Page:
Yet, the show’s much too preposterous, with its identically white-haired ‘gestalt’ agents and chess-piece titles. Its tradecraft is woeful – although again, is that a double bluff? – making you wonder if anyone’s actually read a John Le Carré novel or whether they’ve simply read his Wikipedia entries.

There’s a certain welcome, glossy glamour to the show, but it’s a real climb down after Counterpart for Starz, and I can’t believe it’ll fare well in the ratings unless a lot of superhero fans tune in. I’ll stay for one more episode at least, but this doesn’t look like a keeper so far.


  • Rob Buckley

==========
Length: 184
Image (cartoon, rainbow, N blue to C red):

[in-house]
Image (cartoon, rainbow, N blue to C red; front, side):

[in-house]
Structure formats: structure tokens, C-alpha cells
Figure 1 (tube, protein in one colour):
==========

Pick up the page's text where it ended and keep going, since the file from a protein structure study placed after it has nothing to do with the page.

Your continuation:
I’m Rob Buckley, a journalist who writes for UK media magazines that most people have never heard of although you might have heard me on the podcast Lockdown Land or Radio 5 Live’s Saturday Edition or Afternoon Edition. I’ve edited Dreamwatch, Sprocket and Cambridge Film Festival Daily; been technical editor for TV producers magazine Televisual; reviewed films for the short-lived newspaper Cambridge Insider; written features for the even shorter-lived newspaper Soho Independent; and was regularly sarcastic about television on the blink-and-you-missed-it “web site for urban hedonists” The Tribe. Since going freelance, I've contributed to the likes of Broadcast, Total Content + Media, Action TV, Off The Telly, Action Network, TV Scoop and The Custard TV.